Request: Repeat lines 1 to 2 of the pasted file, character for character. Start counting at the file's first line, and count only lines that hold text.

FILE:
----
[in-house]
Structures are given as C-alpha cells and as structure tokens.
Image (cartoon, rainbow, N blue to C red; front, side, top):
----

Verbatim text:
[in-house]
Structures are given as C-alpha cells and as structure tokens.